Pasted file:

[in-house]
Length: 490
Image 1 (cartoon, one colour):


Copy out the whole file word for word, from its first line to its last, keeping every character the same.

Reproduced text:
[in-house]
Length: 490
Image 1 (cartoon, one colour):